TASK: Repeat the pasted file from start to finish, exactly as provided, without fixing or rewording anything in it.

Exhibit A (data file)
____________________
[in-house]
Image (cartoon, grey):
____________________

[in-house]
Image (cartoon, grey):